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If you’re driving past Somerville on Interstate 93 it’s pretty hard to miss the gargantuan, white circus tent rising up along the banks of the Mystic River. It belongs to Cavalia, the Montreal-based touring company behind a new horse-and-human performance show "Odysseo" that opens next week. But what does it take to erect a big top that’s being billed as the “largest in the world,” and why did it land in Somerville?
Everything About Cavalia Is Big
Calling it a big top somehow doesn’t suffice. It’s the size of a football field. For the next two weeks it will occupy a 200,000 square-foot plot on the future site of Assembly Row, a development planned for East Somerville. On this day, a battalion of neon-vested construction workers swarm around the tent’s swooping skirt. Some heave heavy metal poles to support its edges.
Many of them work full-time for Cavalia, but more than 100 are local, including Richard Hector of Brockton.
“I think it’s awesome,” he said. “I was here after the first day after the tent came up, and I was able to actually touch it.”
Hector, 48, works for Labor Ready, a national temporary labor agency with a branch in Boston.
"From a distance we see these things and say riding on the highway, ‘That’s a nice tent,’ and we think of it as canvas,” Hector continued. "But it’s not canvas, it’s actually a real thick, high-grade rubber. And when you feel it, it really brings you alive. So, it’s a good job, it’s a good thing."
Owner and artistic director Normand Latourelle gladly gives a tour of the site. Smiling, he says everything about Cavalia is big. It’s got a $35 million touring budget, an 18-ton carousel, an 80-ton technical grid and two stages the size of hockey rinks. Dump trucks push 10,000 tons of dirt to make actual mountains under the tent that are three stories high.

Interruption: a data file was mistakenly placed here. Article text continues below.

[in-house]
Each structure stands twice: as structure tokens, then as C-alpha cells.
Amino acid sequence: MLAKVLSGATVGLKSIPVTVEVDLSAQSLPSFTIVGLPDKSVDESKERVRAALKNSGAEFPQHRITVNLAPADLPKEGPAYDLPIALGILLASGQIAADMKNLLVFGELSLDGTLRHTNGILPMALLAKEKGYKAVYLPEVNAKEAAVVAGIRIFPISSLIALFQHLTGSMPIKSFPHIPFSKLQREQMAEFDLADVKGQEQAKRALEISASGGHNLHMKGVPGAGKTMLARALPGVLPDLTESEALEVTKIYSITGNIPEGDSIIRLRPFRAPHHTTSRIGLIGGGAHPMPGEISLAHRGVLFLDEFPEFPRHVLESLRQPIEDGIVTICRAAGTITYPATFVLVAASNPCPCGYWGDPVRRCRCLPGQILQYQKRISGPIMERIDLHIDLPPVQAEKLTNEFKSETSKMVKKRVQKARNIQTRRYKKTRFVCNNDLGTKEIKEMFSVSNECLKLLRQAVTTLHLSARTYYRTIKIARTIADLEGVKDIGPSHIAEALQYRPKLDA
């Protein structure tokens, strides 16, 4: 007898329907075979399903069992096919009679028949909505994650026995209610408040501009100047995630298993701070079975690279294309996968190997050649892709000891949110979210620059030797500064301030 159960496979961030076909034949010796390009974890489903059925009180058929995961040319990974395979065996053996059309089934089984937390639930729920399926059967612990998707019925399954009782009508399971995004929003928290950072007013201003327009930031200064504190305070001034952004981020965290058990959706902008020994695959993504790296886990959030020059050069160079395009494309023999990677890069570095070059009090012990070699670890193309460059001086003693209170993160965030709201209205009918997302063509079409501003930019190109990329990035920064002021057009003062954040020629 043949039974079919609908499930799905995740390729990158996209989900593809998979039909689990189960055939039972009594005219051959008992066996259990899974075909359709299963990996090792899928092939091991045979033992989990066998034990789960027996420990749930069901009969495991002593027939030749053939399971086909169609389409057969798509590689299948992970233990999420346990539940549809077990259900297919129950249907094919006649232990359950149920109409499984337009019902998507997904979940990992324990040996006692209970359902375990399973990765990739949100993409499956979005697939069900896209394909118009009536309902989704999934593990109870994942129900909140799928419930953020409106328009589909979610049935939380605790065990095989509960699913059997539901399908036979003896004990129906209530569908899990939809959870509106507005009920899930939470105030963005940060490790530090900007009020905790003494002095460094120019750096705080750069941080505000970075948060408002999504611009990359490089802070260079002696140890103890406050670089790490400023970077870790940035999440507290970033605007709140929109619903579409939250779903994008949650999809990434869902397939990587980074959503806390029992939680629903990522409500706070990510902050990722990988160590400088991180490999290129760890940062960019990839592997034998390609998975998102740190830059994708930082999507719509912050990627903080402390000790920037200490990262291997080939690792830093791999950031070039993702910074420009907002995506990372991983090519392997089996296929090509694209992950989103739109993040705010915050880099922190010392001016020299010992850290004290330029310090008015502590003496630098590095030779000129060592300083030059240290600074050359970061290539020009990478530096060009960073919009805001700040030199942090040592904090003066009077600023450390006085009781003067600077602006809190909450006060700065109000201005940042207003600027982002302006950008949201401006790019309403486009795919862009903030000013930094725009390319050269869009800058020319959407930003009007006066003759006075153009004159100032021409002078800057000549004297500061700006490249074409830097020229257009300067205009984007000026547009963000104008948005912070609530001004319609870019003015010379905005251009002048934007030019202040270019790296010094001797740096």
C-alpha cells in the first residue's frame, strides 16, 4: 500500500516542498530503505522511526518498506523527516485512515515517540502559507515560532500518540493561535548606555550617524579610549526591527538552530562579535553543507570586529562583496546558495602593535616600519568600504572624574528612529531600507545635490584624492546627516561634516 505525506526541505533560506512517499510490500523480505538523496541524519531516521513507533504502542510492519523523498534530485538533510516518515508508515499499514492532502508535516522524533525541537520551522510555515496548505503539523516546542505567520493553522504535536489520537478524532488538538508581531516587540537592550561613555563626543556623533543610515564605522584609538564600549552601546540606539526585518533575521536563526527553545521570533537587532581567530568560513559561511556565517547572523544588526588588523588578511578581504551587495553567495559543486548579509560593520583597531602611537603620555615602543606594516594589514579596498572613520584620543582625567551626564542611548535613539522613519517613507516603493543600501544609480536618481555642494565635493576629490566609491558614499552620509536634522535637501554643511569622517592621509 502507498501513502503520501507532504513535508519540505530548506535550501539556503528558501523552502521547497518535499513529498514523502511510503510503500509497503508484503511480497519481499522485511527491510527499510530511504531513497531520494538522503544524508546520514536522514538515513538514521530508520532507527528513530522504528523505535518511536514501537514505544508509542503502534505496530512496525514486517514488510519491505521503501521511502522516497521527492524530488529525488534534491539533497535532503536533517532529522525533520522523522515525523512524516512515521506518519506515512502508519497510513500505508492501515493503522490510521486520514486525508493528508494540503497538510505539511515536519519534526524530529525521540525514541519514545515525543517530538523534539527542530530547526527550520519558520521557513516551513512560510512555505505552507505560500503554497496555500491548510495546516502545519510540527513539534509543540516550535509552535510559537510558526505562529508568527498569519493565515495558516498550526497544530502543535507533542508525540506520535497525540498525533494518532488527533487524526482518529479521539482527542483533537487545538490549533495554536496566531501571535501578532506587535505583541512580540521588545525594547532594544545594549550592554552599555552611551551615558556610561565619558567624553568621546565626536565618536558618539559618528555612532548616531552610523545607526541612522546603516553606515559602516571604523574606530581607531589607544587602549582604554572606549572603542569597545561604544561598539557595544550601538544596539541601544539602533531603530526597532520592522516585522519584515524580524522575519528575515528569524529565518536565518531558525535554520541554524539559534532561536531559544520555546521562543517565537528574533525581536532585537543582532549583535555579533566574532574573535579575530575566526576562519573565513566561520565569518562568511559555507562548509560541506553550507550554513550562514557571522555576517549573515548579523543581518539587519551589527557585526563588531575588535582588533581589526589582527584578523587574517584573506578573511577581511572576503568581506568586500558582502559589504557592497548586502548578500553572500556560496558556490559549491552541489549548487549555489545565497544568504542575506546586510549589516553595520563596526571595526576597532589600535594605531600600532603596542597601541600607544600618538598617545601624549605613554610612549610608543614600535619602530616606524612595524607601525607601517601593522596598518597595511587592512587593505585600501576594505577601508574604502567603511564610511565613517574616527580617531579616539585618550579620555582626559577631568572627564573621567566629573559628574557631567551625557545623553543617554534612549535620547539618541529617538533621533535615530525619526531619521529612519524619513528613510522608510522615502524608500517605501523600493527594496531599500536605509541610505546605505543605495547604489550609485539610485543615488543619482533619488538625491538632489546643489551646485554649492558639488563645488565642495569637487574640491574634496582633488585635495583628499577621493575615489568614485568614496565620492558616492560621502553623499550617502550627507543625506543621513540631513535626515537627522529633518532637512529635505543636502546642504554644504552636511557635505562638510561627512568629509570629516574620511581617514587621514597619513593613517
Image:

Latourelle helped found Cirque du Soleil, but 10 years ago created Cavalia, a traveling show starring dozens of humans and horses. He calls it an “ode” and marriage of the performing and equestrian arts. Man, woman and beast cavort in front of a screen three times the size of an IMAX theater. Speaking through a cutting edge sound system, Latourelle admitted quite frankly that he wanted to challenge Cirque du Soleil Las Vegas with Cavalia.
"So we gave ourselves the technology to reach that level because a touring show, it’s more difficult than a permanent show,” he said. “Everything has to go in the truck.”
The show actually packs into 100 semi-trucks, which Latourelle said makes Odysseo the world’s largest touring show. He needs a lot of space to pull it off, and according to him, Boston didn’t have it. That’s why he chose Somerville.
Mayor Joseph Curtatone, a huge proponent of the arts in his city, called this massive production a boon for Somerville's brand.
"We’re excited to have Cavalia 'Odysseo' brand here in Somerville, but there’s the co-leveraging of that brand, of who we are and the type of community we are that they find advantageous to them,” he mused. "So there’s putting Somerville on that worldwide stage that has those intangible benefits you just can’t measure."
Granted, Cavalia’s "Odysseo" website lists Boston as the location. Even so, Mayor Curtatone says among the tangible benefits is the expected $10 million boost to local businesses from some 250,000 visitors. And also the jobs — 150 to 200 created locally. Hector of Brockton says he’ll take the short term work.
"It’s a nice little gig, it’s paying for the bills at the house, so you gotta do what you have to do," Hector said. "These little jobs, they don’t come by that often so when you got a chance to get on it you try to take advantage of it, it’s a pretty good deal.”
But it’s not only that for Hector. He said this about being in the presence of the world’s largest touring tent, "I was working on it! I was there!"
It will take three full days to break down and pack up the ginormous big top when the show closes on Sept. 15. Then Cavalia's "Odysseo" and its 100 semi-trucks head to Washington, D.C.
Cavalia "Odysseo" opens in East Somerville Wednesday, August 7 and runs through August 18.
This program aired on August 2, 2013. The audio for this program is not available.
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